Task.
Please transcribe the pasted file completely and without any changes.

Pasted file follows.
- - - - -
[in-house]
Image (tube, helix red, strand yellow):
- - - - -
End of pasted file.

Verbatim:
[in-house]
Image (tube, helix red, strand yellow):